In 2003 During the Major League Baseball season, Oreo Queefs was 5 feet zero and weighed 385 pounds. He stole an incredible 214 bases, breaking the century-old 138 bases in a single season. A walrus has the legs of a cheetah, and Queefs with a purple goatee often passes the ball to the field 500 feet away—a steroid-free strength that has never been seen before or after. In just two seasons with the Florida Marlins, he hit 0.680 points, hit 203 homers, and was ejected for 46 rushes. Then, even before reaching his super alien peak, Queefs disappeared out of thin air.
A few weeks ago, I received a text message from the Marlins manager about the experience of the former Golden Glove champion. Queefs is in trouble. The 43-year-old man and his uncle live in a rented trailer in Nevada, where the two run an off-line sausage stall called Queefs’ Kielbasa Kiosk. The manager told me that he was divorced twice, had not seen his 15-year-old son in 12 years, and was suspended for attempting to rob a fishing bait and fishing tackle shop.
In fact, Oreo Queefs only exists on PlayStation 2 memory cards and may now corrode in a landfill in eastern Massachusetts.The manager is my childhood friend Chris, who used to be the owner of EA Sports games MVP Baseball 2003We imagined the genitals on a summer night. This is the only way two 13-year-old boys know how to have children: our lubricant is 2 liters of Pepsi, poured directly from the bottle, and our womb is the game’s “creative player “screen. The X and Y buttons determine the chromosomes we design for the baby. We chose his height, weight, cheekbone structure, speed, vision and hitting hot zone. We gave our eldest son the best name that our adolescent brain could think of after 9/11, and we proudly watched him clear the league.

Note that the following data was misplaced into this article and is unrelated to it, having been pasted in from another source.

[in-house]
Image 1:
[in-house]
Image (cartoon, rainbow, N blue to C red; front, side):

Then, as gamers did, we were bored with our child, abandoned him, and gave birth to more children, including garlic pepperoni, whose anatomically ridiculous chicken-wing-shaped arms single-handedly led California State. University Fullerton University won the first national basketball championship title (College Basketball 2K6), and FB#44, the unnamed Alaskan full-back has won the Heisman Trophy for four consecutive times (2007 NCAA Football Game). Then, on the dirty futon sofa in the university, other friends and I gave birth to more children, including Uka Pryzvashevki, a 7-foot-1, 140-pound Bulgarian heavyweight champion (Battle Night Round 2) And Y. Anus, all transition shots and Robin blue sweater vest, he coached the Maine Black Bears for 130 seasons (most of which were simulated), and ended him with a staggering 1,654-19 record Career (2009 NCAA Football Game).
I haven’t played these games for ten years, but my friends and I have updated each other’s lives with the characters we created over the years. They all plummeted from glory. Pepperonis was imprisoned for embezzling the cafeteria of his alma mater. Anus, now 168, is hiding in Peru and is wanted by the FBI for tax evasion. At the same time, his 9 former lovers are also wanted for duplicity.
The media has been over-analyzing the causes of millennials Can’t Grow up Because the oldest millennials are legal adults. Nevertheless, I cannot help but accept the fact that, for example, at the age of 32, Jesus Christ is leading his friends and most of humanity towards eternal salvation-my friends and I each other during the working day Send text messages saying that the video game characters we created in our teenage years have become economically insecure and criminally prone to bad fathers. Ask, why?
Author Sam Anderson recently quipped: “The world of sports media is basically American men avoid treatment. “Sports video games (still lacking female athletes) are the same, especially when calling for the afterlife of fictional sports video game characters. As children, we replaced our dreams with their record-breaking and staggering success. , We deal with our real setbacks and failures through the setbacks and failures they imagined.